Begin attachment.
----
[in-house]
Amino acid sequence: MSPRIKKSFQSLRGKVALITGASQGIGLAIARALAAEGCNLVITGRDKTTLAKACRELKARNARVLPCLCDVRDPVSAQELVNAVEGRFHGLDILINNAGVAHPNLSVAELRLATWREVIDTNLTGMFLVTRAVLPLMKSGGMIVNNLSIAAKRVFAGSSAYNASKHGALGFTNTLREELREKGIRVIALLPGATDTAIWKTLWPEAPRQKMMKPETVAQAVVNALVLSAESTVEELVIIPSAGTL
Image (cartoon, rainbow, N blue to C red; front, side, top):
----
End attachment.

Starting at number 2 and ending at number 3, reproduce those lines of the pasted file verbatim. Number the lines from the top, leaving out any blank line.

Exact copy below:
Amino acid sequence: MSPRIKKSFQSLRGKVALITGASQGIGLAIARALAAEGCNLVITGRDKTTLAKACRELKARNARVLPCLCDVRDPVSAQELVNAVEGRFHGLDILINNAGVAHPNLSVAELRLATWREVIDTNLTGMFLVTRAVLPLMKSGGMIVNNLSIAAKRVFAGSSAYNASKHGALGFTNTLREELREKGIRVIALLPGATDTAIWKTLWPEAPRQKMMKPETVAQAVVNALVLSAESTVEELVIIPSAGTL
Image (cartoon, rainbow, N blue to C red; front, side, top):